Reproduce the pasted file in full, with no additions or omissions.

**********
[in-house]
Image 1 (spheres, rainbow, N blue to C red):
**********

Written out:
[in-house]
Image 1 (spheres, rainbow, N blue to C red):